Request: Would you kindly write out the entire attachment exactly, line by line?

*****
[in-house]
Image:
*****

[in-house]
Image: